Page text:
SINGAPORE Dec 31 (Reuters) - U.S. crude oil futures edged higher on Tuesday, steadying after a fall in the previous session, as data showed that U.S. total fuel demand hit a 26-month high in October while a key Libyan oil export port remained shut.
U.S. crude is set for an annual gain of 8 percent in 2013, after falling about 7 per cent in 2012.
* U.S. crude futures for February delivery gained 7 cents to edge up to $99.36 a barrel by 0034 GMT, against $99.29 on Monday.
* Oil futures fell by nearly $1 in the prior session partly on concerns about mounting local government debt in China, the world’s second-largest oil consumer.
* Brent crude for February delivery had yet to start trade. Brent dropped 98 cents to $112.21 a barrel on Monday.
* U.S. demand for crude oil and refined petroleum products reached 19.3 million barrels per day in October, the highest level since August 2011, data from the Energy Information Administration showed.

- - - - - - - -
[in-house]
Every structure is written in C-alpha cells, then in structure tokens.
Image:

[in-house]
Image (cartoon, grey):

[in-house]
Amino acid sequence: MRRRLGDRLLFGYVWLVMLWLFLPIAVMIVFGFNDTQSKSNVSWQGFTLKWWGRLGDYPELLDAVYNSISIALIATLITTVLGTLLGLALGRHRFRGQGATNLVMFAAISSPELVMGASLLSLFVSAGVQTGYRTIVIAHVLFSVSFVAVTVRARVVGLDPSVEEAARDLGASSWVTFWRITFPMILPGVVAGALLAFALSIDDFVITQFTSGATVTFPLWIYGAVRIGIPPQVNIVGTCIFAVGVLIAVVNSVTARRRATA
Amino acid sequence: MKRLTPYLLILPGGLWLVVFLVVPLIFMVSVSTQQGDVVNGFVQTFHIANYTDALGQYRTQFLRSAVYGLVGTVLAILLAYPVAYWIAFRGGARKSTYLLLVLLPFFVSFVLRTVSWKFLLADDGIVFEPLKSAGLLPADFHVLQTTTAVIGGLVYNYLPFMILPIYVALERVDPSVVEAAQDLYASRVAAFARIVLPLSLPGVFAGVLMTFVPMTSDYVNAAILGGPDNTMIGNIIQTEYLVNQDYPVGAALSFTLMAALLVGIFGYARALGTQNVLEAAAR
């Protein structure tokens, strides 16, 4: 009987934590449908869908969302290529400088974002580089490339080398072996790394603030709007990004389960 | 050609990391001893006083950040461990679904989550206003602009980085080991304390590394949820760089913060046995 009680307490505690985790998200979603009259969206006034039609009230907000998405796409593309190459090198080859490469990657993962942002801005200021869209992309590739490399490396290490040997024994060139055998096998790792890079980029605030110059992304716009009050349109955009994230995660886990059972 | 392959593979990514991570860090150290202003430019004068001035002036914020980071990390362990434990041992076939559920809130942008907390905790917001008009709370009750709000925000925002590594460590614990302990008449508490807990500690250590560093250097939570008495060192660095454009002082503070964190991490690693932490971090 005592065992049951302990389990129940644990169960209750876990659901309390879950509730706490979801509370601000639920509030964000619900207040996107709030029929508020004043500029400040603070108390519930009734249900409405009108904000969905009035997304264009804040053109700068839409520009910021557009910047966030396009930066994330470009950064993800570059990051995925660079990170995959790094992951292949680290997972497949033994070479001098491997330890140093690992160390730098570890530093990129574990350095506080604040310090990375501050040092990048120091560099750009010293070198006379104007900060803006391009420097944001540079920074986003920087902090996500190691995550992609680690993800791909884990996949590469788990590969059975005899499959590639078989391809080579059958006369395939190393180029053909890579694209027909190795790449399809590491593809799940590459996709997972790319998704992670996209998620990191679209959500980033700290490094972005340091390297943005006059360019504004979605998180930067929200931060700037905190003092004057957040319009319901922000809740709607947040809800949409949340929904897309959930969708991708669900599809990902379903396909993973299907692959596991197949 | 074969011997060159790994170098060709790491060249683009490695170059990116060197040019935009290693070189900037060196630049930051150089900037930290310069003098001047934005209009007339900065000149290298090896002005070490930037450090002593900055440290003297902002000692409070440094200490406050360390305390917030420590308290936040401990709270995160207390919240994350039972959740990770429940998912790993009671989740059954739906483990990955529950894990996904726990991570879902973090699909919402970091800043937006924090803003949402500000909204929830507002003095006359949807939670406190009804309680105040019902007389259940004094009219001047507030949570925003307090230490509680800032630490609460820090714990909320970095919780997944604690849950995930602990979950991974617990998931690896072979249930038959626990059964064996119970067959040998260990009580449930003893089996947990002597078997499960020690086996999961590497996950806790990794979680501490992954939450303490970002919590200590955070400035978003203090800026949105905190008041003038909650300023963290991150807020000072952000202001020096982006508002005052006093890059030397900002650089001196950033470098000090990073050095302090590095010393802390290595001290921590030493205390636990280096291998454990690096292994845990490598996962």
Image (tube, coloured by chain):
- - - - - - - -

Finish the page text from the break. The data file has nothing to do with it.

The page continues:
* Libya’s eastern oil port of Hariga remained shut on Monday with its oil storage tanks full despite official optimism it would reopen soon.
* U.S. biodiesel production totaled 132 million gallons in October, the highest level since at least January 2011, the U.S. Energy Information Administration said on Monday.
* European gasoline and gasoil prices in northwest Europe weakened on Monday after workers ended a two-week long strike at most of Total’s French refineries easing supply concerns.
* With several Asian stock markets closed Tuesday, world stock markets rose to a six-year high on Monday on optimism about the global economy heading into 2014, while the euro strengthened against the dollar and yen.
* The following data is expected on Tuesday:
- 1245 GMT U.S. weekly ICSC chain stores sales
- 1400 GMT U.S. CaseShiller 20 mm nsa
- 1400 GMT U.S. CaseShiller 20 yy
- 1445 GMT U.S. Chicago PMI
- 1500 GMT U.S. consumer confidence
- 2130 GMT U.S. API weekly crude stocks
- 2130 GMT U.S. API weekly dist. stocks
- 2130 GMT U.S. API weekly gasoline stocks
Reporting By Keith Wallis; Editing by Richard Pullin